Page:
Zetchers pledge $8 million for scholarships

Gift will help pave the way for need-blind admissions

Portrait photo of Ellen and Arnold Zetcher
Through their latest gift to Washington University, longtime supporters Ellen and Arnold Zetcher are helping make a college education more accessible for students with financial need. (Photo: Jason Elias)

Washington University alumnus and Emeritus Trustee Arnold Zetcher, BSBA ’62, knows firsthand the financial costs of pursuing higher education. The son of an auto parts and typewriter repair shop owner and the youngest of three children, Mr. Zetcher worked evenings and weekends selling clothing to supplement the financial aid and loans he received to attend the university. “I didn’t go to my first WashU football game until after I graduated because I was working on Saturdays,” he says.

Now Mr. Zetcher and his wife, Ellen, are ensuring that future Washington University students can afford their education. The couple has committed at least $8 million to endow the Arnold and Ellen Zetcher Scholarship for students with financial need across the university’s four undergraduate schools.

The scholarship’s broad recipient pool supports university leaders’ goal of transitioning to need-blind admissions, a policy Chancellor Andrew D. Martin outlined in his October 2019 inaugural address.

“Universitywide scholarship gifts like the Zetchers’—those that provide flexibility in allocating support to the best undergraduate students regardless of which school they attend—are key to helping us transform our admissions process,” Martin says. “It is the university’s moral responsibility not to let a student’s ability to pay tuition play a factor in admittance decisions. With the generosity of alumni and friends like the Zetchers, we will be able to move there in due course.”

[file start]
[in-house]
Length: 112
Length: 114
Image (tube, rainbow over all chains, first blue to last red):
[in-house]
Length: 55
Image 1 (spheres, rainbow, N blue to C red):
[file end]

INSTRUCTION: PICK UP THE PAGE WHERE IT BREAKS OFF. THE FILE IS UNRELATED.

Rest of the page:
I don’t think I would have had the opportunities I had in my professional career were it not for my Washington University education. That’s one of the reasons Ellen and I are so excited about what we’re doing with this scholarship—giving talented students the same opportunity.

Emeritus Trustee Arnold Zetcher, BSBA ’62

As far as Mr. Zetcher is concerned, the gift represents an opportunity to provide talented young people with the same high-caliber educational experience he had at WashU—one that not only opened doors to a successful business career but also included a great deal of fun. He has fond memories of participating in the Bearskin Follies, a competitive musical revue written and performed by members of various fraternities and sororities. He also remembers being invited by legendary accounting professor and Olin Business School Dean Emeritus Bob Virgil, MBA ’60, DBA ’67, to “call him collect” if he achieved a $10,000 salary within five years of graduation.

“I made it right on the button, and I gave him a call,” Mr. Zetcher says. “I don’t think I would have had the opportunities I had in my professional career were it not for my Washington University education. That’s one of the reasons Ellen and I are so excited about what we’re doing with this scholarship—giving talented students the same opportunity.”